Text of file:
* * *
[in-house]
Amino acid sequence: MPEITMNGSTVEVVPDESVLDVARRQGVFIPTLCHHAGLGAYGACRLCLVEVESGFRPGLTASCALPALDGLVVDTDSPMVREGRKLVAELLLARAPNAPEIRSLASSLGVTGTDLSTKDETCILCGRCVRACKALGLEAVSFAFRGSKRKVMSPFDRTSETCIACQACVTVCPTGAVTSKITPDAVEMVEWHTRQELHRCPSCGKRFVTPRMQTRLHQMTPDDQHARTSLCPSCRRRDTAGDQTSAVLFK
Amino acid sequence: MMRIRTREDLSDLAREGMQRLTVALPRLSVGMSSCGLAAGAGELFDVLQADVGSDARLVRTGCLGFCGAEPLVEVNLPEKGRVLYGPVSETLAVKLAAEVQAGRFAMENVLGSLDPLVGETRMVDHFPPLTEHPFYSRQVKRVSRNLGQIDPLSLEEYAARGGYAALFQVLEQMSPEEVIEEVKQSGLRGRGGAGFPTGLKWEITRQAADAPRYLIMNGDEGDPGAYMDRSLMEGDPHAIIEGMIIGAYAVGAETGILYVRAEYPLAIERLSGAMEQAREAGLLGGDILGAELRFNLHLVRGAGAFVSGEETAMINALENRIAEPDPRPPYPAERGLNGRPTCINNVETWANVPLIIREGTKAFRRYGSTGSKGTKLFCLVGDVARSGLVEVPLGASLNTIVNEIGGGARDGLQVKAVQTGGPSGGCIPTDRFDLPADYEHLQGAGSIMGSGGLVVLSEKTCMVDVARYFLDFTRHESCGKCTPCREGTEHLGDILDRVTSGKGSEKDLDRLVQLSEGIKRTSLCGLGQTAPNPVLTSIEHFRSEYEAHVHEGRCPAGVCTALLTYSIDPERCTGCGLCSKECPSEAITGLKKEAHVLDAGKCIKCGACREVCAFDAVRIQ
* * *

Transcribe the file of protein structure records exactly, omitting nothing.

[in-house]
Amino acid sequence: MPEITMNGSTVEVVPDESVLDVARRQGVFIPTLCHHAGLGAYGACRLCLVEVESGFRPGLTASCALPALDGLVVDTDSPMVREGRKLVAELLLARAPNAPEIRSLASSLGVTGTDLSTKDETCILCGRCVRACKALGLEAVSFAFRGSKRKVMSPFDRTSETCIACQACVTVCPTGAVTSKITPDAVEMVEWHTRQELHRCPSCGKRFVTPRMQTRLHQMTPDDQHARTSLCPSCRRRDTAGDQTSAVLFK
Amino acid sequence: MMRIRTREDLSDLAREGMQRLTVALPRLSVGMSSCGLAAGAGELFDVLQADVGSDARLVRTGCLGFCGAEPLVEVNLPEKGRVLYGPVSETLAVKLAAEVQAGRFAMENVLGSLDPLVGETRMVDHFPPLTEHPFYSRQVKRVSRNLGQIDPLSLEEYAARGGYAALFQVLEQMSPEEVIEEVKQSGLRGRGGAGFPTGLKWEITRQAADAPRYLIMNGDEGDPGAYMDRSLMEGDPHAIIEGMIIGAYAVGAETGILYVRAEYPLAIERLSGAMEQAREAGLLGGDILGAELRFNLHLVRGAGAFVSGEETAMINALENRIAEPDPRPPYPAERGLNGRPTCINNVETWANVPLIIREGTKAFRRYGSTGSKGTKLFCLVGDVARSGLVEVPLGASLNTIVNEIGGGARDGLQVKAVQTGGPSGGCIPTDRFDLPADYEHLQGAGSIMGSGGLVVLSEKTCMVDVARYFLDFTRHESCGKCTPCREGTEHLGDILDRVTSGKGSEKDLDRLVQLSEGIKRTSLCGLGQTAPNPVLTSIEHFRSEYEAHVHEGRCPAGVCTALLTYSIDPERCTGCGLCSKECPSEAITGLKKEAHVLDAGKCIKCGACREVCAFDAVRIQ